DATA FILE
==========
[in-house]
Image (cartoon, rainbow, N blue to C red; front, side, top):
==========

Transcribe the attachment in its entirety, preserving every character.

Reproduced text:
[in-house]
Image (cartoon, rainbow, N blue to C red; front, side, top):